Sorting Out the Effects of Dams and the Ocean on Salmon Survival

<ombumedia data-ombumedia="{"fid":"6379","link":"","link_options":0,"position":"default","view_mode":"full","title":"Fall Chinook BON WA Side Sept . 2013 -2","type":"image"}"></ombumedia>

David Welch, Kitama Research Services, presented the findings of a paper he coauthored on dam passage and salmon survival. The research, which used acoustic tags, compared the survival of Snake River salmon smolts (that pass through hydrosystem dams) to migrating Yakima River smolts in the estuary and coastal ocean environments. Their research found no evidence for delayed mortality from dam passage, as commonly assumed. Welch speculated that the survival difference in adult returns may be ocean related. As the paper notes, "Columbia River salmon managers will need to recognize that the survival problem may be on a scale far larger than that of the Columbia River basin."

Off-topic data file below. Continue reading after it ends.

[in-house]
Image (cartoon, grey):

As a counterpart to this research, Dr. Steve Haesecker, U.S. Fish and Wildlife Service, and Margaret Filardo, Fish Passage Center, presented the results of a long-term salmon life-cycle study that includes data on smolt-to-adult return rates and experimental spill management at the eight federal mainstem dams on the Snake and Columbia rivers. According to Dr. Haesecker, their analyses support additional spill to improve salmon survival.